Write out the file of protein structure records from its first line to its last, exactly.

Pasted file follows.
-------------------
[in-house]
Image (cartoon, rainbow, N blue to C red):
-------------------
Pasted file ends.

[in-house]
Image (cartoon, rainbow, N blue to C red):